Meri Bond - Magnolia A post-doctoral fellow at Yale University and a Jewett Prize recipient, the research of Adam Roddy focuses on the physiological aspects of the evolution of flowering plants. Examining 25 species of basal angiosperms in the Arboretum’s living collections, Adam will measure physiological traits associated with water balance to examine the trade-offs between water transport, water storage, and the ability to maintain turgid and showy flowers.
Harold Suarez-Baron Harold Suarez Baron is a Deland Award recipient and a PhD candidate at the University of Antioquia in Colombia in the Pabon-Mora Lab. In Aristolochia (dutchman’s pipe), the trichomes (hairs) found on flowers are important for attracting and retaining flies for pollination. Harold focuses on the genetic mechanisms underlying trichome development in this non-model plant.
Dan Sullivan Dan Sullivan, a Sargent Award recipient, is developing cheap and efficient techniques for extracting DNA from newly emerging leaves or silica dried leaves followed by PCR and sequencing. He is testing his methods on more than 60 Acer species from the Arboretum collections.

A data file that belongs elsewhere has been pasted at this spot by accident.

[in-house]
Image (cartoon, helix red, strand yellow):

2013-Dec 28-Templer2 Pamela Templer is an associate professor at Boston University. Her work involves examining the effects of climate change and urbanization on forest ecosystems.
Dong Wang Dong Wang is a Sargent Award recipient and an assistant professor at the University of Massachusetts, Amherst. He is interested in the strategies that long-lived woody legumes use to interact with rhizobia, the nitrogen-fixing bacteria the live in nodules on the roots. He will examine the rhizobia present in root nodules at the Arboretum.
Wolkovich Elizabeth Wolkovich, associate professor at the University of British Columbia, is interested in how communities assemble and disassemble in light of global changes. The Wolkovich Lab focuses on testing and understanding underlying mechanisms using both theoretical techniques and field experiments to study how current and future plant communities are shaped.
Jie Yun As environmental engineer with interests in plant biology, Jie Yun, a PhD student at MIT, is focused on solving practical environmental problems through the interdisciplinary research. She is investigating  plant and environment interactions in the Des Marais Lab.